·        Table 2 presents the number of people commenting on each priority area and shows the extent to which they support the draft aims and plans.  Most survey respondents supported or partially supported the aims and plans in the draft strategy. 

·        The aims and plans for each topic were supported by between 58% and 72% of respondents with serious violence, drugs and exploitation and ASB receiving the highest level of support.  This rose to between 96% and 100% including those who partially supported the aims and plans.

·        A small minority of respondents (1 or 2) did not support the aims and plans for four of the priority areas. 


4.    Summarised comments provided for each priority area


The information below has been drawn together based on the individual consultation responses and tries to summarise the main points being provided in a structured way.  Lead officers have had sight of all comments as they were provided.

If more than one person has made a similar point, the number of people commenting is indicated in brackets.

Serious violence, drugs and exploitation

58 out of 81 people commented on this area

Exploitation & cuckooing

·     Prioritise victims – remove perpetrators from cuckooed properties, not victims. (3) 

·     Make specific mention of County Lines and exploitation of children and young people. More focus on under 18s needed. (2)

·     More thorough police investigations of cuckooing is needed

·     Important to refer to disproportionate vulnerability/link between homeless/rough sleepers and exploitation/drug distribution networks.  Failure to recognise this further marginalises this group.  Also need to refer to mothers whose children have been taken into care.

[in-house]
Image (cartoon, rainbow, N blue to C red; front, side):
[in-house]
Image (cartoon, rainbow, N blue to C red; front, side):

·     Outreach needed to vulnerable people.  Vulnerable people include those with learning difficulties.  Not just prevention – also safeguarding.  You can’t just eradicate vulnerabilities. (2) Safeguarding should be the front door and the pathway transparent and accessible.  Consented referral to the National Referral Mechanism needs to be allocated internally. 

·     People who are at risk of targeting by gangs need support.  Support needed to  NRM individuals to help them move out of area.

·     Trafficking into prostitution should be mentioned – common in organised crime and exploitation. (3) Strategies to support women to exit prostitution are needed.

·     Holistic approach needed for working with vulnerable/at risk people.  People (women) who use drugs have often been exploited or groomed, yet feel judged if they report abuse, leading to underreporting. (2) Change attitudes to addiction.  Trust and respect needed – don’t be heavy handed or judgmental.  Create a system enabling people to report without putting themselves at risk.

·     Punishment doesn’t work – investment in therapy and trauma support is needed. 

·     Make it easier to report adults and children of concern.

·     Be mindful of sex-based nature of vulnerabilities; contextual safeguarding needs to consider the wider context of sexual and domestic abuse in families and how this is responded to in communities.